Namibia appeal rejected by CAS
Burkina Faso kept its place at the African Cup of Nations after sport's highest court dismissed an appeal by Namibia over an ineligible player on Tuesday.
The Swiss-based Court of Arbitration for Sport said it confirmed the Confederation of African Football's decision in November to reject Namibia's appeal over the eligibility of Cameroon-born defender Herve Zengue.
Namibia wanted to replace Burkina Faso at the Jan. 21-Feb. 12 Cup of Nations after losing out to the Burkinabes in qualifying last year, arguing Zengue was not eligible to play for his adopted country.
The Namibia Football Association had twice protested to CAF over Zengue's presence in Burkina Faso's team.
After Africa's ruling body rejected both of those appeals, Namibia's FA was hopeful that CAS would find in its favor. It said it was ''dismayed'' at the latest ruling.
The case - which was heard on Friday - needed to be resolved quickly with the Cup of Nations kicking off in two weeks.
''We are disappointed and we don't know how they (CAS) have reached this decision to dismiss our case but we will accept the decision and move on and plan forward,'' said NFA secretary general Barry Rukoro, who attended the hearing in Lausanne.
Namibia said Zengue, who was married to a woman from Burkina Faso, still did not meet FIFA criteria to play for his adopted country.
But in its finding, CAS said Zengue moved to Burkina Faso in 1994, was issued with a nationality certificate in 2006 and received a Burkinabe passport on March 25, 2011 - a day before he played in the first of two qualifying victories over Namibia.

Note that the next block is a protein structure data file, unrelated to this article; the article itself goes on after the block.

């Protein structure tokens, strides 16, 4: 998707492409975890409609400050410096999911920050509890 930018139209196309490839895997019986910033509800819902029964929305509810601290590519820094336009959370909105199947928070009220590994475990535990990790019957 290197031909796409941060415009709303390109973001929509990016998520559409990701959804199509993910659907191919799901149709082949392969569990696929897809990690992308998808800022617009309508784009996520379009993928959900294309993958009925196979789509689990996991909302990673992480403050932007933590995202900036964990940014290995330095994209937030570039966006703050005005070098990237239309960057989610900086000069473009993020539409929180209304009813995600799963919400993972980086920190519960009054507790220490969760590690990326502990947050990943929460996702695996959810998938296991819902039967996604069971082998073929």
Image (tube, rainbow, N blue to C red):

Ironically, despite being cleared, Terek Grozny defender Zengue was set to miss the tournament after not being included in Burkina Faso's initial tournament squad.
Burkina Faso's federation welcomed the CAS decision as ''very good news'' and said it was free to focus on its preparations for the 16-team African Cup.
''(The decision) will allow us to better prepare for the competition,'' federation secretary general Emmanuel Zombre told The Associated Press. ''Players and staff were beginning to be affected by ongoing references to the case.''
Zengue was not in the Burkinabe squad announced last month because of injury, the country's sports minister said. Burkina Faso also excluded another foreign-born player from coach Paulo Duarte's 25-man training group, conceding there were problems with Ivory Coast-born defender Stephane Agbre's eligibility.
A final 23-man list for the tournament needs to be submitted to CAF by Wednesday.
Burkina Faso was drawn in Group B at the tournament alongside favorite Ivory Coast, Angola and Sudan.
CAF said in its statement that Tuesday's decision also ordered the Namibia FA to pay 5,000 Swiss francs ($5,275) toward its legal fees plus other costs for the CAS hearing.
Namibia FA president John Muinjo expressed his frustration at the decision, which he felt was unfair.
''We must stop playing football if we can't abide by its rules,'' Muinjo said.
On the legal costs, Muinjo added: ''This is an eventuality that we did not budget for but ... as a law-abiding nation, we will have to pay.''
Associated Press writer Brahima Ouedraogo in Ouagadougou, Burkina Faso contributed to this report.